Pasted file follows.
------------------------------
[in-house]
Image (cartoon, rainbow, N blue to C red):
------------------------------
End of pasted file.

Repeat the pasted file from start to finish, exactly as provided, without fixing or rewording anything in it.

[in-house]
Image (cartoon, rainbow, N blue to C red):